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4.3 out of 5 stars
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4.3 out of 5 stars
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on 14 June 2014
Sheila was obviously a great charmer and had a fascinating life. I congratulate Wainwright on unearthing her. Now however she deserves a better biography Wainright has scant knowledge of British families and titles and the book is full of glaring errors and fawning verbiage. Where was the editor? Such a shame. Let's hope this book spurs someone else to look at Sheila's life.
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TOP 500 REVIEWERon 12 September 2014
Sheila, what to say? This takes you into a world of great privilege via British and international aristocracy, royalty, Hollywood film stars, noted writers and artists, all set in the international five star locations of grand country houses, luxury apartments and hotels, hosting grand hunting parties and balls and also glamorous charity events.

But what of Shelia herself? A woman from a good Australian family who appeared to enchant everyone who came into contact with her by her grace, charm and great beauty. This is a fascinating look into the early part of the 20th century and how the very rich lived. It takes you through two world wars and you see that Sheila experienced both great happiness and incredible sadness.

The author Richard Wainwright has clearly done a great deal of research to write this biography and all credit to him for his great efforts. However, by the end of this book, I still didn't really know Sheila. For me the book lacks the depth needed for a biography.
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on 8 February 2014
After all the hype this book has received, I was rather disappointed in it. The story of Sheila Chisholm, the Australian girl who married into the British aristocracy and became intimate with many famous people, including royalty, has a great deal of intrinsic interest. I suppose I therefore expected more of her personality and character to emerge -- but as the author points out, Sheila was discreet in her unpublished memoir, and probably there aren't enough other original sources to give us more of her "voice". The book is excellent at telling us where and when Sheila did what, and due credit is given to her wartime nursing and other charitable work. Many of the socialites she knew are familiar from other books, so this one doesn't cover much new ground. The author seems unsure of whether Sheila actually had a love affair with Prince Albert (later George VI) or not, but there is almost certainly no evidence either way. Overall, I found the book rather superficial, a list of fabulous social events and prominent people. I was interested, but wanted more depth, but I suspect there just weren't enough sources available. As Sheila withdrew somewhat from social life, the book loses impetus and rather fizzles out. One niggle was that the author often gets titles wrong -- "Viscount of Norwich", "Lady Sheila Loughborough" instead of "Sheila, Lady Loughborough", "Lady Diana Mosley" for "Lady Mosley" (and this in reference to an event before Diana Guinness married Sir Oswald Mosley.) Small things, but important in a book about titled people. So -- an interesting enough book, but without much depth. At least it makes a change to read about an Australian rather than an America marrying into British high society.
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on 15 July 2014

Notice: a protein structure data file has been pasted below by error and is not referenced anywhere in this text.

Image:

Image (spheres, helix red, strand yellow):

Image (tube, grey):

Passed the time, but if you don't read it you've not missed anything. Also, many irritating errors i.e. the Duke of Winsor was not called Edward, but David; 'Nanny' was not the pet name for the children's nurse but the name every child's nurse was referred to as a nanny, and called such.
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on 15 April 2014
Another most enjoyable read. This period of the late 19th and early 20th century is most interesting. I wish there was more about her life with her third husband which would have been a fitting end to this book.
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on 22 June 2014
I had never, ever heard of Sheila before I read the book. Having read it, I wonder why I hadn't! It's an easy to read and absorbing book, full of gossip about all the people I do know. I would recommend it to anyone who likes a good read and a good gossip about the rich and famous.
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on 11 May 2014
Easy to read and contains a peep into the lives of so many other well known people from that age including the Royal family, Diane Manners and others. Excellent book.
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on 22 July 2015
I found the writing stilted. I became quite bored very early on. If reading about a spoilt rich girl willing to hop into bed with anyone in order to climb the social ladder is your thing then this book might be for you. I would not recommend it.
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on 24 July 2014
What a surprise - a wonderful book - the title nearly put me off, but I was aware of the subject matter so went for it.
The gossip of the timing is great - I haven't read that much about any goings on with George V1 but this revealed a more interesting man! I know that is not the main character and just one of the many in the book, but it was interesting.
I love the whole of it and was so sorry when I had finished it.
I wonder if there are a few people of the 60's and 70's who are similar to Sheila in their 'catchment'?
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on 28 February 2014
I read this whilst travelling across Australia.The references to the smells and sights in Oz were just spot on. I found the book fascinating and a treasure to read about such a wonderful woman.
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